"Then when the time comes, whoever wins the auction decides who this group is going to vote for," Baumgartner said. "So I tell those people you should vote for this person. Then they fill in the form, and then they send it to me. And I just verify that they're voting for the correct person."


Online auctions will be conducted at Voteauction.com state-by-state in September and October, he continued. The blocks of votes will be marketed primarily to businesses and interest groups -- Voteauction does not plan to court the candidates themselves.

The kitty for each state will be split among the Voteauction voters in that state. And the winner of each state's auction will then be able to cast its procured ballots for the contender of its choosing.

Raskin audibly shuddered when he heard the process spelled out.

"That sounds pretty serious," he said. "It's possible that some aggressive prosecutor could try to bring solicitation charges against him just for setting up the possibility of this scheme."

For American historical precedent, Baumgartner cites the 1757 Virginia House of Burgesses race in which George Washington bought each of the 391 voters in his district a quart and a half of alcohol in exchange for their support.

And, of course, the presidential Iowa straw poll offers hardly little more than an opportunity to exchange money for political positioning.

Yet no American example Baumgartner can point to even approaches the proposed scope of Voteauction.com. For something of similar magnitude, one must look overseas to cases in India, Montenegro, Japan, Morocco, or Taiwan.

Given that upwards of 100 million potential eligible voters won't be casting their ballots this November, Baumgartner said perhaps an appeal to the bottom line might get them to the booth.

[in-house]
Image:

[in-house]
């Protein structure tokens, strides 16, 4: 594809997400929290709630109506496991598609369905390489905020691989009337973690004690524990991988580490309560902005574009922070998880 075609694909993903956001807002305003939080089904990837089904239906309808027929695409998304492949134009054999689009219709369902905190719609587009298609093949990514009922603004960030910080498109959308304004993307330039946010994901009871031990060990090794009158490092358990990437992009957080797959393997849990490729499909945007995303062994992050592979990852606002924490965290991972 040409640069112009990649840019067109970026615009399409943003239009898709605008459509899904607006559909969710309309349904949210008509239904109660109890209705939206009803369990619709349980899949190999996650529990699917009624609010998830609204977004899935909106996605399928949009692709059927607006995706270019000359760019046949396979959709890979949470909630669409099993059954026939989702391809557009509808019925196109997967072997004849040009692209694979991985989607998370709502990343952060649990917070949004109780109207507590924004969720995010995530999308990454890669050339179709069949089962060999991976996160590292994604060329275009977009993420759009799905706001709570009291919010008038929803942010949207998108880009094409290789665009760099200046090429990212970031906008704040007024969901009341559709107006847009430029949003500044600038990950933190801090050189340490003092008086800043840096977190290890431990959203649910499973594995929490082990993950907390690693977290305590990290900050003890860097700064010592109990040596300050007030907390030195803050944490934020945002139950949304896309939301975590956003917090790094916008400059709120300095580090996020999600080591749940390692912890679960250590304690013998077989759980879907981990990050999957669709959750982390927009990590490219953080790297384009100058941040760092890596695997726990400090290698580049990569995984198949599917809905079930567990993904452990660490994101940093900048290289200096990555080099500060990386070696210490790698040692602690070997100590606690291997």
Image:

"Right now the corporations are just passing money around to other corporations," he said. "One corporation is giving money to the campaign, and the campaign is turning around and giving money to television stations, advertising agencies, consultants, things like that. The money is not reaching the people at all. It's leaving them out of the equation."

Raskin concurred. "If this is intended as a cyber satire on the commodification of American politics, one can only applaud the spirit of the authors," he said.

"Right now everyone is making money off elections except the voters.... Everyone is enjoying a lavishly subsidized ride on the back of the American people, and it is ironic that we have replaced old-fashioned vote-buying and bribery with much more sophisticated forms of financial takeover of the electoral process."

Paul Rapp, Albany attorney and thesis advisor to Baumgartner, did caution that individuals participating in Voteauction.com could technically be putting themselves in legal jeopardy.

"Then again, it strikes me that it's on the same level as the Napster controversy," he said. "If you're downloading a song, what is realistically the possibility that Lars Ulrich and the Feds are going to bust your door down and drag you off to art jail? Highly unlikely.

"It would be a victory for James if it generated the same sort of discussion about the nature of our democracy that Napster has had on the nature of ownership of music," said Rapp. "I suspect if James got the sort of traffic that Napster got, one of two things would happen. He would either be facing a considerable jail sentence, or he would become one of the most powerful men in America."